The cathode layer KA is also conventionally printed on, but it can also be produced separately as a green film and joined to the electrolyte layer E at a later stage. The cathode layer KA is both ion-conducting and electron-conducting and has a thickness comparable to the anode layer AN.
The electrode layers AN and KA can be joined to a green electrolyte film and sintered together to form a composite. It is also possible, however, to sinter the electrolyte layer E separately, provide it with the electrode layers AN and KA and to sinter it yet again as a composite. A further possibility is only to sinter said composite together in the finally assembled fuel-cell stack.
FIG. 2 shows the version of the invention in which the electrolyte layer E may have a smooth surface but is provided, on the other hand, with an interlayer ZS which is rendered porous by a suitable aftertreatment, roughened or provided with a structure which increases the surface. The methods of applying the interlayer and of increasing its surface, and also a material choice suitable therefor, have already been described. The thickness of the interlayer is approximately 1 to 10 particle layers and not more than approximately 10 μm in total.
The interlayers ZS may be applied to an electrolyte layer E which is present as green film or to an already presintered electrolyte layer E. Prior to the application of the electrode layers KA and AN, the electrolyte layer E embedded between the interlayers ZS is preferably sintered in order to fix the porous structure or at least the roughened or increased surface. The application of the electrode layers AN and KA is carried out as already described with reference to FIG. 1. It should also be borne in mind that different interlayers ZS may be provided for the different electrode layers.
FIG. 2 shows a further aspect according to the invention of the interlayer ZS, ZS'. At those edges of the ceramic film (or electrolyte layer E) which form the join region FB, the interlayer may be discontinued so that it does not have any connection to the internal layer regions of the interlayer ZS, ZS'. No electrode material is applied to this discontinued join region FB of the interlayer ZS, ZS', either, since it serves to receive the solder L in constructing the high-temperature fuel-cell stack. The join region FB may extend over all four edges of the electrolyte film or layer E.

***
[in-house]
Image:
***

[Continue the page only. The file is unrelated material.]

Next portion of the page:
FIG. 3 shows a diagrammatic cross section of a possible structure of a fuel-cell stack. In addition to the anode layer AN/electrolyte layer E/cathode layer KA composite already described having interlayers optionally present, essentially only gas-transport layers GTS are necessary for an individual fuel cell SOFC. In order to enable an adequate gaseous flow of fuel gases or of air respectively, through the gas-transport layers GTS, the latter are either suitably porous or, as shown in the figure, have gas channels GK. For an individual fuel cell, the material for the gas-transport layers GTS must resist only the operating conditions. For a fuel-cell stack, however, an electrical conductivity is additionally necessary which may advantageously also be accompanied by an ionic conductivity. Conventionally, the gas-transport layers GTS comprise the same material as the electrode layer AN or KA which is adjacent in each case.
The gas channels GK can be produced by extrusion of the corresponding green films. A porous layer can be achieved by adding spherules which can be burnt out to the slip needed to produce the gas-transport layers GTS. Particularly advantageously, however, the gas channels are produced after the lost-wax method, in which strips of plastics material which correspond to the desired shape of the gas channels and which can be burnt out are cast into and pressed into the green film.
The termination of the individual fuel cell or the connection to the adjacent individual cell in the stack is formed by a so-called bipolar plate, also referred to as ICM (interconnection material), which separates the gas spaces from one another in a gastight manner and ensures the electrical interconnection of the individual cells by means of electronic conductance. The ICM may comprise a suitable ceramic composition or be formed as a metallic bipolar plate. It is also possible to incorporate the gas channels in a metallic bipolar plate. A ceramic ICM is formed as thinly as possible and can be connected to the adjacent gas-transport layers GTS to form a composite body to increase the stability.
Mounted on top of the bipolar plate is the next individual cell, the orientation of anode and cathode layers being chosen so that a series interconnection of the individual cells is achieved. An ICM therefore adjoins both a gas-transport layer GTS conducting fuel gases and a gas-transport layer GTS with air flowing through it.
The number of individual cells layered on top of one another in a fuel-cell stack is optional, but can be adjusted so that either a maximum efficiency, a maximum power or good mechanical properties and long-term stability are provided.
The invention is not limited to the particular details of the method depicted and other modifications and applications are contemplated. Certain other changes may be made in the above described method without departing from the true spirit and scope of the invention herein involved. It is intended, therefore, that the subject matter in the above depiction shall be interpreted as illustrative and not in a limiting sense.